Members' Update: ASE sets priorities for 2018/19

Who is the ASE?

It’s a great honour to become Chair of ASE. ASE IS its members – it is our members that enable us to make a difference in so many ways, through journals, campaigning and events.

I began teaching physics in school in 1974 and am now an honorary fellow in the University of York Science Education Group (UYSEG); I have been a member of ASE throughout my career. ASE has given me the opportunity to meet and learn from science teachers from across this country and beyond. I have been involved in a wide range of science education projects, many of them led by ASE. 

The renewal of enthusiasm for science education that comes from meeting face-to-face at a conference, writing workshop, or TeachMeet can never be replaced by any number of online conversations.

I am a member of the Yorkshire and the Humber Region committee; we organise local meetings throughout the year, including the Northern Area Conference, field trips and TeachMeets. Engaging with local events is a great opportunity to meet science teachers with diverse experiences, broadening your horizons and perhaps even providing you with the next step in your career through a network that starts locally but can rapidly spread across the region and beyond.     

The ASE Chair leads the Education Group, which has a responsibility to ensure that the Association is supporting its members in the most effective ways. There are always plenty of development opportunities in education, and so little time, but there are two key areas I hope to work on with the Group in the coming year:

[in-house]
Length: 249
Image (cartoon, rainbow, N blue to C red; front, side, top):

• Retention of science teachers is a key issue for all of us; the launch of the Science Teacher SoS, produced by the ASE 11-19 Committee, has been recognised as an important step in supporting science teachers who may be thinking of leaving the profession. I hope that ASE, working with partners, can develop ways to use our CSciTeach network to support teachers at the beginning of their careers and also those feeling the pressure who are considering a move away from the classroom.
  • The learned societies (RSB, RSC and IOP) have each been considering what they would want to see in the school curriculum for their subject. See the September 2018 edition of School Science Review, available to 11-19 members at www.ase.org.uk. My hope is that we can work with them and other interested partners to ensure that there is a coherence to the proposals, identifying the themes common to all the sciences at school level.

The ASE Chair is supported by the Immediate Past-Chair and the Chair-Elect. I would like to thank Linda Needham and Chris Colclough for welcoming me into the ‘Chair Trio’ and look forward to working with Linda and Janice Griffiths, the new Chair-Elect, over the coming year. 

I am aware that the year ahead will pass by all too quickly, but I hope I have opportunity to meet many members, and also encourage non-members to see that ASE is an important professional organisation to which all science teachers should want to belong.